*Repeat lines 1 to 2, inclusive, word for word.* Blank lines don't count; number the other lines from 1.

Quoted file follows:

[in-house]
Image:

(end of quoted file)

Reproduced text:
[in-house]
Image: